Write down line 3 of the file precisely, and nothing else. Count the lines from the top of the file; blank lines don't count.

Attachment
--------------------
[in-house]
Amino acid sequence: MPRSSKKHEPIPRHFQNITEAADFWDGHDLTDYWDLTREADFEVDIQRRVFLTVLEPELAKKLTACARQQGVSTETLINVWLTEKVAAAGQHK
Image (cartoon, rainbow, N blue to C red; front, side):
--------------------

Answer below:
Image (cartoon, rainbow, N blue to C red; front, side):